Last week, reports started circulating on Twitter and elsewhere the popular gaming company Valve was cracking down on sexual content in some games on their platform, Valve. The games included Mutiny!!, Re;Lord 1, Kindred Spirits on the Roof, Tropical Liquor, and VR Kanojo.

According to a tweet by Mutiny!! developer Lupiesoft, they were told that they were warned that they had to make changes to their game because they were reported for “pornographic content,” or risk being taken down in two weeks. All of the games that were reportedly warned feature Japanese-style animation and Lupiesoft claimed on Twitter that, a) they didn’t offer their game on Steam, b) it had previously been approved after their published met with Valve in person, and c) other, more “western” style games with similarly explicit – or more explicit – content weren’t being warned.

“From Huniepop, to SonoHanabira, to Mutiny!!, the message is clear, if your game has sexy anime-inspired art in it, get it gone, while western games which are 100x more pornographic content escape unscathed,” Lupiesoft tweeted. “One rule for them, and no rules for us.”

Other game creators were also confused, citing the fact that they were not informed of any changes in policy and that they had all undergone a rigorous approval process. Some even said they’d already censored their games in order to be available on the platform in the first place.

Almost immediately after the initial outcry, Valve contacted at least Lupiesoft, as well as HuniePotDev, the developer of another popular game by the same name, and told them the two-week deadline was being lifted and that Valve would be “re-reviewing” their games. While it’s not a green light by any means, HuniePotDev called it an “interesting development.”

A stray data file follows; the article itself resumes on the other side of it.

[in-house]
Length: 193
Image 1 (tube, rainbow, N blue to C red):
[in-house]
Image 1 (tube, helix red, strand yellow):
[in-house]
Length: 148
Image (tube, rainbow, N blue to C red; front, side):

“I have just received word from Valve apologizing for the confusion, saying to DISREGARD their previous e-mail about the violation, that they are in the process of re-reviewing the game and will follow up soon,” HuniePotDev tweeted. “I should be clear this doesn’t mean we’re out of the woods. It just means we have an interesting development. Whatever the case, the communication and clarification from Valve is very, very much appreciated.”

James, of MiKandi Japan, says that lack of clarification is upsetting – but unsurprising.

“Regarding the sweeping action that Valve is taking, the most important thing for MiKandi Japan as a game developer and publisher to know is what triggered these mass notices in the first place,” James says. “There are rumors and claims going around, but hearing straight from Valve would go a long way in offsetting the uncertainty that’s now engulfing their platform. While I think this is a bad business decision on their part, I’m also a big believer in the free market. At the end of the day if visual novel games are not welcome on Steam, game makers and fans will go somewhere else, and other platforms like MiKandi will become even more popular.”

As of this article going to press, there’s still no word from Valve on what prompted these initial emails. However, this isn’t the first time that a platform has suddenly turned on creators of adult content with no warning – Patreon famously did the same last year – and it certainly won’t be the last. But luckily, we here at MiKandi pride ourselves in being the website where adults can be adults. Any game makers and adult graphic novelists who have been kicked off Valve – or who just don’t want to deal with this issue again – are welcome to come join us on MiKandi. You can contact us directly at publisher@mikandi.com.

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